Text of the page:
Study Offers a Clue in Autism's Gender Divide

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A study of mutations in boys and girls with autism points to female resilience—and male susceptibility Ali Jarekji/Reuters

One of the great mysteries of autism is why many more boys are diagnosed with the disorder than girls. In the United States, 80 percent of people with autism spectrum disorder are male. It's long been known that different kinds of disorders tend to affect men and women at different rates: males are more likely to suffer from substance abuse issues, for example, and in general women are more likely to suffer from problems like depression or anxiety, as a book called The Stressed Sex has argued. But with autism, the gender disparity is particularly pronounced.

A new study, published today in the American Journal of Human Genetics, provides a clue to the mystery of gender and genetics in autism. The study involved 762 families that had been affected by autism spectrum disorder, and looked for two kinds of genetic mutations: the first is known as a copy-number variant, or CNV, and the second is called single-nucleotide variant, or SNV. Surprisingly, they discovered that the females in the study had a greater number of genetic mutations than the males. (Genetic mutations can be tied, in general, with neurodevelopmental disorders.) In a group of 653 male subjects and 109 females with autism, they found that the females had roughly two to three times as many CNVs. They discovered more SNVs in females, too.

In other words, the study suggests that it takes more mutations to lead to an autism diagnosis in females. The results paint a picture of female resilience—and male susceptibility. As the study posits, "the male brain requires milder alterations to exhibit" autism spectrum disorder, which "might be the basis for what has been described as the 'extreme male brain hypothesis,'" which has been put forward by autism researchers like Simon Baron-Cohen (incidentally, actor Sacha Baron Cohen's cousin).

Eric Butter, a pediatric neurodevelopmental psychologist and an associate professor of pediatrics at Ohio State University who works with children with autism and other disabilities, called the study "an important 'aha' moment."

Butter says the study gives "good evidence" for a genetic basis to why "boys apparently are more vulnerable to neurodevelopmental disorders and autism than girls."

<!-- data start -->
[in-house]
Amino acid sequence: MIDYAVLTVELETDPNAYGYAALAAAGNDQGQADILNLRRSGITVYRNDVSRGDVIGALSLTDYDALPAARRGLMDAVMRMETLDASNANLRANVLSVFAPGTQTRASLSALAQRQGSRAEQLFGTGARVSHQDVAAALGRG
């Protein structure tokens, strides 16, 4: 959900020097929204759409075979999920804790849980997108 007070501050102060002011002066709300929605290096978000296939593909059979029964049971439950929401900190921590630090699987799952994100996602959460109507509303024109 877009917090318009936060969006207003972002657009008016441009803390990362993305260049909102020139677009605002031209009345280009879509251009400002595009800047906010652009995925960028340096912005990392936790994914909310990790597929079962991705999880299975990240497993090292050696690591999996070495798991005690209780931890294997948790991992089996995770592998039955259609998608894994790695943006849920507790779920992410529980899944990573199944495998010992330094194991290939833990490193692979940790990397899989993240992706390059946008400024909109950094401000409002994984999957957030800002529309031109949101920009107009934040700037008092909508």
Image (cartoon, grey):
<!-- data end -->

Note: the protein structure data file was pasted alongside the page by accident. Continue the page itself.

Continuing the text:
While the study focuses on the number of genetic mutations in females and males, Butter says an important, and related, part of the autism-gender puzzle is how it's diagnosed, specifically in girls. "Are we asking the diagnostic questions wrong?" he wonders.

Girls tend to exhibit more severe symptoms when they have been diagnosed with the disorder. Butter wants to know if girls with more mild autistic symptoms might be being missed because of societal expectations. A girl who doesn't raise her hand in class might just be written off as shy, for example, where a boy in the same situation might get more attention, possibly leading to a diagnosis.

Robert Naseef, a clinical psychologist in Pennsylvania, has worked with autistic patients and their families for over two decades, and is also the father of a 34-year-old with autism. Naseef says that studies like this can help families by making the disorder less mysterious.

He hopes that the results will "help us look more closely at girls, and be able to identify where they're struggling." Like Butter, he says that the symptoms might be more visible, behaviorally, in boys than girls, and thus girls could be less frequently diagnosed.

The study cautions that the differences in genetic mutations can't "account completely" for the huge discrepancy between males and females diagnosed with autism, but it's a step forward. Butter adds, "This is a very important study, I think, because it is a possible explanation for the gender differences that we've found in diagnosing autism." The study doesn't answer all the questions, but Butter says that the results are "driving us towards other specific questions that other researchers can pick up."